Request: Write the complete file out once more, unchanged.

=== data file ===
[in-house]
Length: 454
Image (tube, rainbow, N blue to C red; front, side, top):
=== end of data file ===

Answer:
[in-house]
Length: 454
Image (tube, rainbow, N blue to C red; front, side, top):